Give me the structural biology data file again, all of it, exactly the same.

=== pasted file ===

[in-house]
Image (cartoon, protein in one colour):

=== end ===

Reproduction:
[in-house]
Image (cartoon, protein in one colour):